Από το όμορφο tinymixtapes.com (Stephen Bezan), μια κριτική για τον Peter Broderick του «Music For Falling From Trees»:
«Still in his early 20s, Peter Broderick has developed an impressive back catalogue while maintaining a relatively diverse methodology between works. Following the exquisite mini-albumDocile and the equally impressive 7-inch single «Retreat/Release,» Broderick’s debut full-length, Float, further demonstrated his talent for composition and rightfully garnered comparisons to genre heavyweights such as Max Richter. On 2008’s Home, however, Broderick opted for a more stripped-down, personal approach, with vocals and acoustic guitar playing a much more dominant role. The result was an album of atmospheric bedroom-folk reminiscent of José González or even the more abstract Benoît Pioulard. At first, this shift in form may seem like a significant departure from his earlier material, but as proven by the collection 4 Track Songs released this year on Type, Broderick has dabbled in similar areas before recording his more expansive compositions. Considering the overall quality and range of his material, then, the prospect of a new Peter Broderick release is an exciting one, if for no other reason than to see which direction the young musician will take.
Commissioned by Adrienne Hart as the audio component for her modern dance piece, Music For Falling From Trees finds Broderick’s work placed within a unique context while, at the same time, not venturing too far from his comfort zone. Gracefully exploring seemingly austere and forbidding themes, Hart’s dance delves into the mind of a mentally ill patient, as he struggles to retain his identity through a period of institutionalization. While Broderick’s music has always possessed a cinematic quality, never before has it been associated with such a concrete narrative. While the extent to which the dance’s overarching themes affect the listening experience depends on an individual’s standpoint, there are certain elements — the suggestive song titles, the album art (which features still shots of the dance itself), Broderick’s admission that the instruments loosely represent different characters in the dance — that make it difficult to fully remove the music from its visual counterpart. Still, Broderick succeeds in composing music that, while certainly melancholic, possesses a hopeful, nostalgic, and even playful quality at times. And it is through this range of mood and emotion where he challenges preconceived notions surrounding the assumed bleakness of the dance’s subject matter and allows his music to stand effectively on its own.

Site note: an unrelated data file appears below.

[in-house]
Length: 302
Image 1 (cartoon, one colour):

In terms of the overall instrumentation and form, Music For Falling From Treesfinds Broderick working in areas similar to those explored on previous albums. However, there are some important differences that distinguish this work from his earlier material, such as this time working exclusively with violin and piano — the two instruments with which the young composer is most comfortable — providing a sense of ease, spontaneity, and looseness that is sometimes missing from his more focused compositions. For fans of some of Broderick’s earlier material, then, these qualities, combined with the relatively narrow range of instrumentation and short duration of the album, may prove somewhat limiting and not as immediately immersive as some of his best work. But repeated listens and consideration for context aids in revealing the subtle, yet greatly emotive details that run throughout Music For Falling From Trees, resulting in moments that rank among Broderick’s best.»
Από το moreintelligentlife.com, εμβαθύνοντας στον Peter Broderick:
More Intelligent Life: What drives your passion to play so many instruments?
Peter Broderick: Well, I think a lot of it has to do simply with my impatience and curiosity about sounds and instruments. I sometimes wish I had the patience and discipline to study one instrument and become really good on it. But instead I’m more excited about learning a little bit on as many instruments as possible.
MIL: Any favourites?
PB: I think my favourite instrument will always be the piano. All I have to do is touch one note and I think it sounds so beautiful. And all pianos are different, so I love to hear the different tones of the different instruments. There’s one instrument I’ve been really wishing I could try. It’s called a key harp, and it’s kind of like a violin, but it has keys (kind of like a piano), which you press down to change the notes. It makes a beautiful, pure tone and I look forward to the day when I find one of these.
MIL: The move to Copenhagen to work with Efterklang sounds like a life-changing one. What was that like?